Recharging means different things to different people. Usually it involves some periodic departure from the occupational stress, and doing something for pleasure: creating, exercising, traveling, reading, hobbies, religious observance, learning new things, etc. You need to put your occupation into proper perspective, to help you see that it is just one important part of your life. Then you can get a clearer view of what your goals are, or what your reasons are for working. What is your real motivation, your "why?"

This is why music is such a great hobby for me, and why I will never try to turn it into a job. I don't want my music to turn into an occupational stress. (Besides, my day job is awesome.)

I love folderol's idea of disconnecting for a whole week. I get outside of cell phone range regularly on my trail runs, but they only last a few hours. And I like to go camping a few times a year with my kids, which usually gets us away from the network, and that makes a real difference to how I feel. There are also ways to limit your use of networks when you are at home. Leave your cell phone on the counter top instead of keeping it in your pocket, for instance. Delete your social media accounts, or place limits on when and why you check them. Stuff like that. The point is to assert control over these tools, so that you are their master, not their slave.

One reason why I think this thread is so important is that there are some cultural taboos against talking about occupational burnout, at least in my line of work. These taboos are counter-productive and just make the problem worse, because the person experiencing burnout feels isolated and unable to reach out for help. I think we should be more open in discussing how burnout affects us, and how we deal with it and overcome it. We could save lives by simply being willing to talk.

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Re: Burnout

Postby jonetsu » Mon Sep 09, 2019 11:41 pm

I think Milo nailed it with the I am in charge. Effectively, despite all odds, it's really up to the person. To an unbelievable degree. The amount of 'power' contained within and without is great. By 'power' I do not mean a terrific power but rather a 'blooming' capacity of sorts, of fulfilling oneself.

I do not think that a specific religion has a role to play in this but, all religions tend to gravitate around a certain inner state often called 'prayer'. I'm not religious, but I do qi gong and such 'internal martial arts' (neigong) things to which I was attracted because it seemed to be such a fun and relaxing thing to do. One of the core activity is zhan zhuang or standing like a post. This is an activity in which one simply stands up, straight but not stressed, actively relaxed perhaps, and start visualizing all parts of the body relaxing. The amount of stress we put daily in every muscle is incredible, and unneeded.

The main thing is to 'get out of the way' so to speak, and let a certain part of 'nature' flowing. What's neat with this approach is that one does not 'fight' the monkey mind always thinking about things because it is put to visualize relaxing muscles, it is being occupied by something.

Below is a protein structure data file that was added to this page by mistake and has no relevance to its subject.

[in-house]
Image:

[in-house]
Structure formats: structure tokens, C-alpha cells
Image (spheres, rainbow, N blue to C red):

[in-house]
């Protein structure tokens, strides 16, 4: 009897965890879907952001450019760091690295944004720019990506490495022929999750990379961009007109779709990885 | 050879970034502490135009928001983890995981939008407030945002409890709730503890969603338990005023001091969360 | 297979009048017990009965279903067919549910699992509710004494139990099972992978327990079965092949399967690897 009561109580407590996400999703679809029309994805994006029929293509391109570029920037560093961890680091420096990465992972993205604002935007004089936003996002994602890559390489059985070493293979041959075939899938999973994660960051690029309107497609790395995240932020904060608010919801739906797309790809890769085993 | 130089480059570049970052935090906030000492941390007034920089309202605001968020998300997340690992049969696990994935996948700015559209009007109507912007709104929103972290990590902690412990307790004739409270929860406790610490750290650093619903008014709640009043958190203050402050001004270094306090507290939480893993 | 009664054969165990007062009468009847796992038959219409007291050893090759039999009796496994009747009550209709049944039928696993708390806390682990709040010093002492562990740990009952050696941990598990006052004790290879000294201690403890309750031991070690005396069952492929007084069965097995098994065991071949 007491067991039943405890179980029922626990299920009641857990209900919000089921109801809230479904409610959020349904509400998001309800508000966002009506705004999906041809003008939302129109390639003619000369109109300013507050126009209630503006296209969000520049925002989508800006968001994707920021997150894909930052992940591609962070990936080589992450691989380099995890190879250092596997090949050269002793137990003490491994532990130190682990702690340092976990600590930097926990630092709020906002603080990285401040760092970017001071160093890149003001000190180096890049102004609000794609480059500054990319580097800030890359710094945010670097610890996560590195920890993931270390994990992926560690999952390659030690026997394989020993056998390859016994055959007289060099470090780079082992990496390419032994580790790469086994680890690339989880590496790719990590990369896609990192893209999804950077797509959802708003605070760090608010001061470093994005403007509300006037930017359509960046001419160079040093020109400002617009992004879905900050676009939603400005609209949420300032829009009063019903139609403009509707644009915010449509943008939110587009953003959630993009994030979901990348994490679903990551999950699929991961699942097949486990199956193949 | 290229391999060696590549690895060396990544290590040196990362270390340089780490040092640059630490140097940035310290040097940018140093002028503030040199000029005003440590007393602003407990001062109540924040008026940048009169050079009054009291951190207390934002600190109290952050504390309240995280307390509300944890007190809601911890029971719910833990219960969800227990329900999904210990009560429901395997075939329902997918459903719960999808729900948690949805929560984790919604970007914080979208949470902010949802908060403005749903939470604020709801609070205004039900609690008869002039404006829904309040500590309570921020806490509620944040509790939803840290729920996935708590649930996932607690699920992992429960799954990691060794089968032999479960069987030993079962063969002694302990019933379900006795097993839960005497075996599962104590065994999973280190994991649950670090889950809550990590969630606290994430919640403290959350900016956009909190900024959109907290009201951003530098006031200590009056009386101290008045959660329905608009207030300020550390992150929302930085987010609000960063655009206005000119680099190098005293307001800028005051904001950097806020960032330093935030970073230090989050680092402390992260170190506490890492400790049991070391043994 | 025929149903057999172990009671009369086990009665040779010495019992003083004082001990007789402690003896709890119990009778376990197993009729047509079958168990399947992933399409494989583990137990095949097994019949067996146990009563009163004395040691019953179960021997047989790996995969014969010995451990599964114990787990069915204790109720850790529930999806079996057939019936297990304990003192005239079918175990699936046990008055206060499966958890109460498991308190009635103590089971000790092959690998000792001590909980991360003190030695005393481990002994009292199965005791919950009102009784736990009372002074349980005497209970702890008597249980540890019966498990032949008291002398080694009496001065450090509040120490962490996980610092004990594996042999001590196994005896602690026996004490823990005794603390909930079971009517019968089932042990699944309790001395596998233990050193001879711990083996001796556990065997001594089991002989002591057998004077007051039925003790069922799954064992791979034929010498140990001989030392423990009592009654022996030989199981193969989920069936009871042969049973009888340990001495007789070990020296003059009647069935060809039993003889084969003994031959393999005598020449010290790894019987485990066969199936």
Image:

And the same goes then with moving. The quiet relaxed state is carried over with walking smoothly and doing all kinds of movements (eg. tai chi and others). With time it feels like peeling away layers and getting somehow closer to what might be essential in life.

And at the same time it has physical benefits. I used to have an asthma that developed over time and I was needing one of those blue spray thing from time to time to help in breathing. One of these days, without me noticing it I realized that the asthma was gone. And it never cam back. Stress has an negative impact on the immune system. The less stress, the better the immune system. And by 'stress' I mean the bad stress, the one that eats away at the potential, of which burn out is a symptom.

I always thought that there's nothing to it, to stand up for 10, 20, 30 minutes. Near the beginning I thought that's it, I'm relaxed now ! only to find out months and years later that when I thought I was relaxed back then, I was not. I was better, but relaxed, no.

Is it possible to say that activities like zhan zhuang, qi gong, tai chi can be spiritual ? I think so, depending on the level and deepness of involvement. And this is when those activities truly become an exercise on their own, when one starts reaping benefits on one hand, and on the other hand starts to feel some kind of connection with the universe.

And this can be done anytime, independent of any situation. It is a question of will to start and continue, and then at one point even the will fades as it becomes more pervasive.

Cheers.

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briandc
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Re: Burnout

Postby briandc » Fri Sep 20, 2019 6:45 pm

Thanks to everyone for the posts. I agree that burnout is an important subject in a lot of fields, and computing is no exception! When you think of the amount of concentration and precision that it requires (all it takes is a comma or letter or digit out of place and all goes haywire!), it's important to take time away from the binaries regularly and enjoy the simple, natural things around us.

Interestingly, taking long walks in nature is something I enjoy doing too.. I try to get an hour in, whenever the weather is nice...which is almost daily right now. :)

Brian
Have your PC your way: use linux!
My sound synthesis biome: http://www.linuxsynths.com